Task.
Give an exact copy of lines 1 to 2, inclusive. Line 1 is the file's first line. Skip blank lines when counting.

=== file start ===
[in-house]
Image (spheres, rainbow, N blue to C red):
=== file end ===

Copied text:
[in-house]
Image (spheres, rainbow, N blue to C red):